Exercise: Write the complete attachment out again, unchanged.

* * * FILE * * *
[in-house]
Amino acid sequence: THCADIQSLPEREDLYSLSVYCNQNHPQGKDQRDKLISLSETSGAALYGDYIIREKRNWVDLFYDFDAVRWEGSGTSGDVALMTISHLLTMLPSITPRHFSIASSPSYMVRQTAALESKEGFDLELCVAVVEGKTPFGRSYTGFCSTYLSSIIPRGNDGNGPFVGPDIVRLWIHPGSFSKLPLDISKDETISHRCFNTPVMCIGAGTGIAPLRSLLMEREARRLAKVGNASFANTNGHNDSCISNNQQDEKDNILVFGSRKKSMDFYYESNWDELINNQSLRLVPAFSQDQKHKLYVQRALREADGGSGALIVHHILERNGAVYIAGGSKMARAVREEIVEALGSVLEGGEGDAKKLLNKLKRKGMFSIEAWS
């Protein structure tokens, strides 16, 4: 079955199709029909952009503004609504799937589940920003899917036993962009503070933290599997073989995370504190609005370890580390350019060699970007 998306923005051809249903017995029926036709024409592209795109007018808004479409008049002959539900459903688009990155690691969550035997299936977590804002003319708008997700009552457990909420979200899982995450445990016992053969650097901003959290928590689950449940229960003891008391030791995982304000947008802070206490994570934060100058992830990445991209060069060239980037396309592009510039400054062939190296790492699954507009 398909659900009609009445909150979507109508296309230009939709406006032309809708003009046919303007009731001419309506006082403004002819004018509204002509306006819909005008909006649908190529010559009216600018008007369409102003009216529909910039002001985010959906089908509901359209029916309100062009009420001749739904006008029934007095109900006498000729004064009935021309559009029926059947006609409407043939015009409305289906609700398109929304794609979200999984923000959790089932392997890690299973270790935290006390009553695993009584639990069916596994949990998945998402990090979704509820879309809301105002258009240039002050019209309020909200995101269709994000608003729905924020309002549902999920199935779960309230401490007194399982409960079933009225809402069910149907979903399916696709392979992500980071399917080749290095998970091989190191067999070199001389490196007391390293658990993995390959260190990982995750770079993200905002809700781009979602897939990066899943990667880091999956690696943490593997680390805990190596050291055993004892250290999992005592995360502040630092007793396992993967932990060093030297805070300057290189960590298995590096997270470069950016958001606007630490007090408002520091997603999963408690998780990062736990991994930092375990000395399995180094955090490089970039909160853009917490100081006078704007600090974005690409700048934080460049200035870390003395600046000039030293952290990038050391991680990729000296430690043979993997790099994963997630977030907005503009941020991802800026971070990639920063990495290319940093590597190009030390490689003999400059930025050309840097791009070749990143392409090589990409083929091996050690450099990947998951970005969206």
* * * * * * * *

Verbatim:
[in-house]
Amino acid sequence: THCADIQSLPEREDLYSLSVYCNQNHPQGKDQRDKLISLSETSGAALYGDYIIREKRNWVDLFYDFDAVRWEGSGTSGDVALMTISHLLTMLPSITPRHFSIASSPSYMVRQTAALESKEGFDLELCVAVVEGKTPFGRSYTGFCSTYLSSIIPRGNDGNGPFVGPDIVRLWIHPGSFSKLPLDISKDETISHRCFNTPVMCIGAGTGIAPLRSLLMEREARRLAKVGNASFANTNGHNDSCISNNQQDEKDNILVFGSRKKSMDFYYESNWDELINNQSLRLVPAFSQDQKHKLYVQRALREADGGSGALIVHHILERNGAVYIAGGSKMARAVREEIVEALGSVLEGGEGDAKKLLNKLKRKGMFSIEAWS
């Protein structure tokens, strides 16, 4: 079955199709029909952009503004609504799937589940920003899917036993962009503070933290599997073989995370504190609005370890580390350019060699970007 998306923005051809249903017995029926036709024409592209795109007018808004479409008049002959539900459903688009990155690691969550035997299936977590804002003319708008997700009552457990909420979200899982995450445990016992053969650097901003959290928590689950449940229960003891008391030791995982304000947008802070206490994570934060100058992830990445991209060069060239980037396309592009510039400054062939190296790492699954507009 398909659900009609009445909150979507109508296309230009939709406006032309809708003009046919303007009731001419309506006082403004002819004018509204002509306006819909005008909006649908190529010559009216600018008007369409102003009216529909910039002001985010959906089908509901359209029916309100062009009420001749739904006008029934007095109900006498000729004064009935021309559009029926059947006609409407043939015009409305289906609700398109929304794609979200999984923000959790089932392997890690299973270790935290006390009553695993009584639990069916596994949990998945998402990090979704509820879309809301105002258009240039002050019209309020909200995101269709994000608003729905924020309002549902999920199935779960309230401490007194399982409960079933009225809402069910149907979903399916696709392979992500980071399917080749290095998970091989190191067999070199001389490196007391390293658990993995390959260190990982995750770079993200905002809700781009979602897939990066899943990667880091999956690696943490593997680390805990190596050291055993004892250290999992005592995360502040630092007793396992993967932990060093030297805070300057290189960590298995590096997270470069950016958001606007630490007090408002520091997603999963408690998780990062736990991994930092375990000395399995180094955090490089970039909160853009917490100081006078704007600090974005690409700048934080460049200035870390003395600046000039030293952290990038050391991680990729000296430690043979993997790099994963997630977030907005503009941020991802800026971070990639920063990495290319940093590597190009030390490689003999400059930025050309840097791009070749990143392409090589990409083929091996050690450099990947998951970005969206």